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You can find the same cool breeze blowing through the downtown streets of Cumberland today as families did a generation ago. This old mountain mining town offers echoes of the local river and an economy that isn’t thriving like it did when coal was shipping out daily before the local industry’s collapse.

Taking a walk through the downtown corridor makes it feel like you’re in a ghost town. The boarded-up windows, empty storefronts, and vacant lots have plenty of stories to tell. You’ll find the occasional craft store selling souvenirs and a diner serving up classics, but times are changing.

The decline of coal in Kentucky means it is time for towns like Cumberland to reinvent themselves. Many of them are turning to tourism to make ends meet.

Kentucky Generates $15 Billion in Tourism Annually

Kentucky might generate billions of dollars in economic activity from tourism, but only a fraction of that figure comes through the 18 southeastern countries where you’ll find Cumberland.

The region that’s affectionately called “Daniel Boone Country” brings in $350 million each year. That figure is up 4% from 2016, but it is a far cry from what these mountain towns earned during the coal years.

Harlan County, which is where you can visit Cumberland, reported $26.5 million in tourism activities in 2017.

Reinvention is possible, but it is a process that will take time to complete. Cumberland was a partial recipient of $2.55 million in federal aid from the Abandoned Mine Lands Pilot Grant to redevelop the economy. Local officials used those funds to upgrade a mine tour in nearby Lynch.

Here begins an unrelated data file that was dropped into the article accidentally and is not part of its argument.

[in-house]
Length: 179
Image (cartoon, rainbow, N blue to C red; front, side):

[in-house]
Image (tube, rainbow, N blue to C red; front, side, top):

The funds are also going to help renovate an administrative building and the old bathhouse in the area. These structures will then let a local religious ministry expand its mushroom-growing business to support the local economy.

Why Do People Choose Rural Destinations?

The one thing lacking from many vacations or day trip adventures is authenticity. You’ll find plenty of that when you go off of the beaten path to visit a town like Cumberland. It is an opportunity to provide an Americana experience that large cities can’t offer.

Supplementing the grant money with efforts to build hiking and cycling trails is only the beginning of Cumberland’s efforts. Coal companies still own a lot of the property in the area, and they aren’t keen to offer easements or grants in case the economy skews back toward this fossil fuel.

That isn’t stopping people from moving forward. For Kentucky’s mountain towns, tourism offers a chance to honor their history while looking to the future. 

Scott Larson